Representing New York's Heating Fuels Industry

NYS Adopts 2017-18 Budget

Biodiesel Blending Requirement Discussed But Not Adopted
By: Michael Trunzo, Dir. of Government Affairs, Shenker Russo & Clark LLP 

For the first time in eight years, the Governor and Legislature failed to reach an on-time State Budget agreement which is due by April 1; however, they concluded their deliberations on April 6th.

NYSEC, along with the National Biodiesel Board (NBB), had been pursuing a 5% biodiesel blending requirement for heating oil in the "downstate" region of New York. The proposal sought to institute a 5% minimum blending standard in Suffolk, Nassau and Westchester counties, along with New York City which already has a 5% blending standard which will go into effect as of October 1, 2017.

During the budget deliberations, the State Senate included language in their budget proposal supporting "the development of infrastructure for and incentivizing the usage of bioheating fuel containing biodiesel". While this supportive statement did not lead to inclusion in the final State Budget, it did provide a pathway for the introduction of "stand-alone' legislation (S.5422 / A.6954) in both houses by Senator Phil Boyle, (R-Islip) and Assemblyman Steven Englebright, (D-Setauket) along with a number of their colleagues from the three counties and NY City, to implement the proposal. Given that there were positive discussions regarding this proposal, NYSEC will be pursuing the adoption of this legislation during the remainder of the 2017 Legislative Session.

On other fronts, there are a couple of pieces of legislation that NYSEC is actively engaged in. They include:

    • S.1515 / A.1773 - This bill would change the financial responsibility for Major Oil Storage Facilities from the current $25 per barrel ($1 million or $2 million depending upon location) to essentially replicate the federal treatment of a "vessel" which would increase the financial responsibility to $350 million. This legislation is primarily aimed at crude oil transportation, specifically by rail and water. While NYSEC has been working with the sponsors to amend this legislation to remove its application for heating oil and diesel fuel, the recent grounding of a gasoline barge on the Hudson River in Westchester County may complicate our efforts.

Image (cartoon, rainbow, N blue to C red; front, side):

• Fill Pipe Legislation - NYSEC has also been working with Senator Boyle on legislation to address the issue of erroneous fills to improperly abandoned oil tanks which consequently cause spills in basements. The Senator is concerned about the proper abandonment of tanks and the permanent closure of fill pipes upon conversion from heating oil to another fuel. Given that current NYS Law, the State Building Code and NFPA 30 already require proper abandonment of unused heating oil tanks and the permanent closure of the fill pipe to avoid such erroneous deliveries, NYSEC has proposed legislation that would require certification by a gas utility or its sub-contractor of proper oil tank abandonment BEFORE any conversion to another fuel can be put into service. The Senator has agreed to work with NYSEC on this legislation during the remainder of the Legislative Session.